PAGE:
For native youth, through her organization Jana's Kids, “Jana addresses the issues of cultural pride and identity, motivation and ambition, education, alcohol, tobacco and drug awareness, and gang association. She proactively involves her audiences in this extraordinary interactive presentation. Music, lecture, questions, answers, and demonstrations are the main components of this educational, entertaining, and motivational program.”

What makes the leftists unhappy about Obama

Although they don't seem to mind his spending trillions for more socialism, it's his spending it and getting the same ol' same ol' that ties their shorts in a knot.
    "Somehow the president has managed to turn a base of new and progressive voters he himself energized like no one else could in 2008 into the likely stay-at-home voters of 2010, souring an entire generation of young people to the political process. It isn't hard for them to see that the winners seem to be the same no matter who the voters select (Wall Street, big oil, big Pharma, the insurance industry). In fact, the president's leadership style, combined with the Democratic Congress's penchant for making its sausage in public and producing new and usually more tasteless recipes every day, has had a very high toll far from the left: smack in the center of the political spectrum."
I had that spotted in 2007. Even with strings to a puppet master, it's hard to get an empty suit to dance. Although unlike Drew Westen at Huff'npoof, I think he's still way left of center. I still think he's a marxist; it's just that he had a few ethical, smart and patriotic Democrats in his own party that he hasn't knocked over yet or bribed into silece. And Drew--Joe Wilson still did and said the right thing, "You lie." Only now you libs know it too.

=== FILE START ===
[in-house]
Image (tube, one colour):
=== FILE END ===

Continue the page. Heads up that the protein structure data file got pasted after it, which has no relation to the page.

The peacemakers

This is Shane. I don't know him--just came across an item about him. He's going to talk to youth. Notice the ear stud, head bandana/scarf holding back the long hair, and scruffy but endearing face. The outfit hasn't changed in 40-50 years, much. He's a professional peacemaker going here and there. Willowcreek, Iraq, Calcutta. The usual. We need a few peacemakers in a suit and tie, or at least a button down oxford, khaki slacks/dress jeans and loafers. Someone who doesn't dress the part. They are needed first in families, church councils, schools, board rooms, cafeteria lines, muffler shops, prisons, factories, twitter, Facebook and Blogger, and the halls of congress. Then when they are sufficiently battle scarred and wise, send them into other war zones. The exciting thing about peace seminars and radical faith workshops is, you get to hang with people who think just like you do.

Sunday, December 20, 2009

Academe's bias against white males

Any parent who would pay to send a kid, male or female, into this hell hole should be charged with wallet abuse.
    "You might think that a university whose students were victims of the most notorious fraudulent rape claim in recent history, and whose professors -- 88 of them -- signed an ad implicitly presuming guilt, and whose president came close to doing the same would have learned some lessons.

    The facts are otherwise. They also suggest that Duke University's ugly abuse in 2006 and 2007 of its now-exonerated lacrosse players -- white males accused by a black stripper and hounded by a mob hewing to political correctness -- reflects a disregard of due process and a bias against white males that infect much of academia.

    In September, far from taking pains to protect its students from false rape charges, Duke adopted a revised "sexual misconduct" policy that makes a mockery of due process and may well foster more false rape charges by rigging the disciplinary rules against the accused.

    Meanwhile, none of the 88 guilt-presuming professors has publicly apologized. (Duke's president, Richard Brodhead, did -- but too little and too late.) Many of the faculty signers -- a majority of whom are white -- have expressed pride in their rush to judgment. None was dismissed, demoted, or publicly rebuked. Two were glorified this month in Duke's in-house organ as pioneers of "diversity," with no reference to their roles in signing the ad. Three others have won prestigious positions at Cornell, Vanderbilt, and the University of Chicago." The rot at Duke
The bios and photos of those 88 should be tacked on public bulletin boards along with the faces of other identity theft criminals.

Need a bowl game printout?

All on one page. Save a twig.

Ohio State Buckeyes are in the Rose Bowl playing the Oregon Ducks. Bucks vs. Ducks. But if they were playing Oregon State, we could say OSU vs. OSU!

A very teary Christmas

This song always makes me teary, not cheery:

I'll be home for Christmas